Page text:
Radiotherapy Physics and Nuclear Medicine
If you’re interested in physics, these are the disciplines of Healthcare Science that you should follow.
Watch the videos below to learn more about the specialty, including the treatment of cancer patients using ionisation radiation and what they do in their daily role.
Alison Vinall, Consultant Clinical Scientist and Head of Radiotherapy Physics, explains the role of a Radiotherapy Physics Scientist:
Will Holmes-Smith, Lead Clinical Scientist, talks about QA and Machine Dosimetry:
Vicki Currie, Lead Clinical Scientist, explains treatment planning and Brachytherapy:
Anthi Alexandrou, Clinical Scientist, explains treatment planning:
Susannah leah, Trainee Clinical Scientist, talks about the training route:
Nuclear Medicine is the science of using radioactive substances introduced into the body for diagnosis and treatment of disease.
Healthcare Scientists in nuclear medicine work alongside doctors and nurses to undertake functional imaging (seeing how parts of the body are working) by using a radiation source introduced into the body through the application of radiopharmaceutical (a radioactive chemical).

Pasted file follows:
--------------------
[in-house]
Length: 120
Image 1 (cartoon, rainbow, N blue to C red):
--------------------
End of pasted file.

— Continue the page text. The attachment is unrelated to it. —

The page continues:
Treatment of cancers through application of radiopharmaceuticals to destroy the cancer cells is also a major part of their work and clinical scientists ensure all procedures are performed safely and with minimum radiation exposure by calculating doses required.
These images show blood flow around the heart to identify areas of healthy/unhealthy heart tissue to help diagnose heart disease.
These images show the difference in blood flow within the brain for a patient with depression and after recovery.
In 2019, scans included:
- 5,771 administrations in total
- 37 different procedures
- 2,200 bone scans
- 830 sentinel node
- 520 kidney scans
- 1,100 heart scans
- 200 thyroid scans
- 223 parathyroid scans
- 184 tracer studies
- 150 scans for cancer detection.
We have a PET/CT scanner which detects the radioactivity emitted from the body after the radiopharmaceutical has been injected. It takes images in slices and then creates a 3D image. PET scanner image
PET scans are used to investigate lung carcinoma, colorectal cancer, lymphoma, melanoma, neuroendocrine/pancreatic cancer, the efficacy of anti-cancer drugs, healthy/unhealthy heart tissue in patients with known severe heart disease or infection and brain function.
By putting together the functional image (PET) and the anatomical image (CT), we create a hybrid image which can help the doctor identify the presence and site of cancer.
We have three new Gamma Cameras with Multi-Slice Diagnostic Quality CT which gives much better images.
An important role of the clinical scientist is to introduce new technology that helps improve imaging and treatment while reducing exposure to radiation.